We welcomed the Rev Bazil Meade and his band onto the platform. The concert was opened by our very own ‘Gospel Singers’, 65 men and women who had their first experience of gospel singing at the July workshop. Their director, Alison Benz, and Rev Bazil gave an impromptu, and witty, demonstration of the conductor’s art as, with humour and skill, they drew a great performance from the ‘amateurs’! The audience loved it!
And then the nine LCGC professionals entered from the vestry. From then until 9.30pm, the building rocked! From almost head-banging choruses to delicate a capella harmonies, we were treated to the full range of gospel music at its best. These gifted musicians don’t just have a faith, they sing their faith and their energy was infectious. We were not a passive audience! Their warmth and enthusiasm swept out from the platform and embraced us all so we laughed, clapped, danced and even sang with them.
Rev Bazil summed up what many of us felt: that one (very large) family had gathered to share an amazing evening. He spoke of our common hope for the world’s future and our belief in the ultimate goodness of creation. “I feel part of this loving community tonight. Love is what brings us and binds us together.”
The ‘Holy Mowers’ meet at All Saints on Thursday mornings 10.00-12.30 with a half-hour break for coffee. Come as often and for as long as you want. The churchyard looks as it has never looked before! Contact Sheila Crowe on 30 65 74.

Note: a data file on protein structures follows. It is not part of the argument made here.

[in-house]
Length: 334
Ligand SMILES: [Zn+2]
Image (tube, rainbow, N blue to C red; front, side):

Mission of the Month:
Traidcraft plc pioneered fair trade in the UK, but in common with many retailers currently, they are struggling to remain viable, and are at risk of closure having made a loss of £500,000 in 2017. Many of our Saturday Coffee regulars will recall the stall run for several years by David and Linda Salmon, selling colourful packets of tea, coffee, dates, cocoa and chocolate and more. In churches around the country, there are still similar stalls, though their numbers are gradually dwindling. The Traidcraft venture started in Newcastle upon Tyne in 1979 importing handicrafts and food from impoverished parts of the world, and guaranteeing the producers a fair, minimum price and improved working conditions. They claim that anything you can think of that’s fair trade today, Traidcraft did it first.
While the Traidcraft business struggles, sales of goods bearing the Fairtrade Foundation’s fairtrade logo (which Traidcraft helped to set up) are booming. Rising by 7% in 2017 compared with the previous year. The Fairtrade message is now so mainstream that customers who care about ethical consumption can find their fairtrade products (mostly foodstuffs) from any supermarket. The big concern is for producers who only have access to market their goods through Traidcraft.
For example, around 700 women in India are employed making hand-stitched cards. In seeking ways to keep their business afloat, Traidcraft may concentrate mainly on the handicrafts in future. Fairtrade is about more than just a product; it is about a whole way of thinking, being and living and that doesn’t die. If you care, look for the Fairtrade logo when you shop, even if you can’t find Traidcraft.